A union of over 85 activist teams sent letters to Amazon, Microsoft, and Google forcing them to avoid retailing their facial surveillance tech to the government.

The union includes teams of National Lawyers Guild chapters, American Civil Liberties Union, and Freedom of the Press Foundation. On 15 Jan, it sent letters to notify the firms that the choice to provide government with the tech “threatens the safety of community members and will also undermine public trust.” The union says that is due to the fact that facial recognition software provides power to the government to aim at religious minorities, immigrants, and people of color, thus worsening a historical bias.

“Companies can’t continue to pretend that the ‘break-then-fix’ approach works,” ACLU of California’s technology and civil liberties director, Nicole Ozer, claimed. “ … We are at a crossroads with face surveillance, and the choices made by these companies now will determine whether the next generation will have to fear being tracked by the government for attending a protest, going to their place of worship, or simply living their lives.”

The letter forces tech firms, whose emotion about retailing new tech vary from wary to eager.

At least, Google seems to be pacing casually. In December, the firm obligated not to retail its face recognition software till its likely threats are addressed.

This declaration came few months after many Google workers left to disapprove firm’s $10 billion bid for an agreement on cloud data center services with the Pentagon. Eventually, Google left the project, known as the Joint Enterprise Defense Infrastructure cloud, mentioning that it is not certain that the project fulfills its codes for using artificial intelligence. Google prohibits the us of its AI tech in services and weapons which go against international norms for human rights and surveillance.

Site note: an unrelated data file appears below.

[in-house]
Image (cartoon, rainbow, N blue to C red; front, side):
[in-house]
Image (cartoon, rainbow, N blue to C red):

Likewise, Microsoft workers also stressed managers to attract its JEDI project bid. However, at that time, Microsoft claimed that it had no aim of leaving it.  

President of Microsoft, Brad Smith, accepted in a blog post published in December the threats related with face recognition surveillance tech and its duty to tackle them internally. He also stressed upon the need for government rules for the usage of technology.

On the other side, Amazon keeps on retailing its face recognition software to government organizations. The previous year, Jeff Bezos, CEO of Amazon, said that the society would ultimately handle the negative usage of tech.

In the beginning of this month, the FBI started testing Amazon’s Rekognition to analyze the surveillance videos gathered during a case. It was also reported that Amazon discussed Rekognition with U.S. Immigration and Customs Enforcement.  

The ACLU is especially worried about Amazon and its tech, it conducted a test last year which showed that Rekognition wrongly identified 28 Congress members as criminals, with members of color strangely being recognized wrongly.